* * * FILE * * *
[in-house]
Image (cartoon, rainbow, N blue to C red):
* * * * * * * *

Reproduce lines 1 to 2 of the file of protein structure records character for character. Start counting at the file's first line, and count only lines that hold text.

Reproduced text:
[in-house]
Image (cartoon, rainbow, N blue to C red):